Data-driven.

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Igor Galić

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Jul 9, 2013, 4:12:20 AM7/9/13
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Hi folks,

last week I asked a question on how to sensibly structure
a puppet setup:

https://ask.puppetlabs.com/question/1932/how-to-tier-a-puppet-setup/

I received a quite sensible request, even though it's not
what I wanted to hear. The reason it's not, might be because
I haven't been quite able to get my point across:

Let's go with the example of hosting and develop that:

We have (among other things) a hosting service. Each customer
gets their own instance of httpd running on a seperate port
and a seperate user. They can have any number of vhosts, but
most only have one. They can have any kind of setup, but most
choose PHP + MySQL, the rest has static pages. Each of these
vhosts has a separate scp-user. (The db/user and scp-user for
each vhost have the same name). The web is terminated by a
caching proxy (Apache Traffic Server).

If I were to express this as data of its own, not data that
will fill a puppet apache, or puppet trafficserver or mysql
module, I'd express it like this in yaml:

---
excom:
instance: example.com
port: 8005
vhosts:
- servername: www
user: excomwww
scp_password: xxx
type: static

- servername: beta
user: excombeta
scp_password: zzz
db_password: yyy

---
exorg:
instance: example.org
port: 8006
vhosts:
- servername: www
user: exorgwww
scp_password: xxx
db_password: zzzz

- servername: mail
user: exorgmail
scp_password: sseeecret
db_password: reellyyseecrreet


With the implicit defaults in mind for this service, we
specify only when something deviates from them. With 90% of
vhosts being PHP, we specify that the `www` vhost is `static`

This `static` may in turn overwrite other defaults such as
`db_provider => mysql` with `db_provider => none`.

What I'm trying to say here is: Rather than building this data
as each puppet module would expect it, I build it such that
it makes sense to us admins and developers.


* * *

This whole aproach has a number of implications. First of
which is that we don't treat hiera as a nice-to-have tack on,
but that we intristically rely on it.

Second, the data in hiera does in no way reflect what a puppet
module that finally writes the configuration would expect.

This in turn means that we need a puppet module which can make
sense of the data, enriching it and filling the gaps where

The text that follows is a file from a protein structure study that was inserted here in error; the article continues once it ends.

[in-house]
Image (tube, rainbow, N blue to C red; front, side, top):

necessary.

If we continue from the hosting example, we can roughly split
it in `hosting::lb` (for trafficserver), `hosting::web` (for
handling the httpd config, as well as the creation of users as
necessary), and `hosting::db` module (which, as we've seen can be
optional in some cases where the site is static).

There are two competing solutions to my problem:

#1: have the "parsing" code in each of those classes

#2: have the "parsing" code in an über class. This would be the
web class, and it would dispatch the data to the other two
via exports.

The first solution has the obvious problem of code-duplication.
The second doesn't scale with large numbers when customer grow
beyond a couple of thousand, as export/collect will be very slow.
However, this is not a problem we're facing right now… ;)

I'm leaning towards the über-class, but would love to hear some
feedback on whether I'm making any sense at all and how you
would aproach such problems!

Thank you very much in advance,

-- i
Igor Galić

Tel: +43 (0) 664 886 22 883
Mail: i.g...@brainsware.org
URL: http://brainsware.org/
GPG: 6880 4155 74BD FD7C B515 2EA5 4B1D 9E08 A097 C9AE

jcbollinger

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Jul 9, 2013, 11:34:28 AM7/9/13
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On Tuesday, July 9, 2013 3:12:20 AM UTC-5, Igor Galić wrote:

Hi folks,

last week I asked a question on how to sensibly structure
a puppet setup:

  https://ask.puppetlabs.com/question/1932/how-to-tier-a-puppet-setup/

I received a quite sensible request, even though it's not
what I wanted to hear.


Do have a look at "Roles and Profiles" (http://www.craigdunn.org/2012/05/239/), as your respondent over at Ask Puppet suggested.  I know that doesn't really address the question you are raising now, but you may find it to your advantage to build your overall framework along proven lines.

 
The reason it's not, might be because
I haven't been quite able to get my point across:

Let's go with the example of hosting and develop that:

We have (among other things) a hosting service. Each customer